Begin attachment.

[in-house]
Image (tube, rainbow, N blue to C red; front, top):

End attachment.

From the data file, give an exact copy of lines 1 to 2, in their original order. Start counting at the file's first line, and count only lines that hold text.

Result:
[in-house]
Image (tube, rainbow, N blue to C red; front, top):